Happiness is... the electrician showing up after a month of being AWOL. I wonder what the penalties are for abduction in Indonesia? I would be a very kind and generous kidnapper. I am literally guarding the path in case he tries to leave early.

The cheekiest chicken in Bayad has decided that it's fine to come into my house and hop up on the bed. She doesn't know how nice I am, there are those who would have put her in a pot by now.

"Before we declare a woman’s life, foreign from ours in almost every physical detail, ‘poor,’ we need to seek to deeply understand that woman, her background, her place in the community, her desires, her talents. And we may discover that she isn’t poor at all but is a thriving, active, content participant in a societal system that works, different as it may be to our western eyes." Who is Poor? Who Decides?

It is often said that the longer an expatriate lives in a place the less competent they feel to write about it, I can attest to the truth of this. The longer I am here the more I know how much I do not know, the more I need locals to correct me, clarify, the more (and deeper) questions I ask.“ -Djibouti Jones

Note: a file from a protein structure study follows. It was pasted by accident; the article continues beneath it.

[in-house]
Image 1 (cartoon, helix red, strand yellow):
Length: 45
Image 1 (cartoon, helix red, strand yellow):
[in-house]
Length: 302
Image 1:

Amen - Me

Reading yet another book that reminds me of how much creative juice can be squeezed out of a highly dysfunctional family. Then we do what we will with it. A big thank you to all those who turn it into literary nectar of the gods.

(Running in the Family - Michael Ondaatje. "Studying" for Sri Lanka next year.)

We have countless thriving healthy gardenia bushes, but with never, ever a blossom. Then I discover that the second they appear they are taken for the offerings, because for the very reason we humans appreciate them, apparently so do the gods.

To appear a selfish, god robbing, flower coveting foreigner, or to live a gardenia-less life, this is the question?

Many years ago a (seemingly) adorable little owl was rescued and rehabilitated by a dear friend in Bali, Henry Schilling. Hoot it turns out, had developed quite an attachment to his rescuer.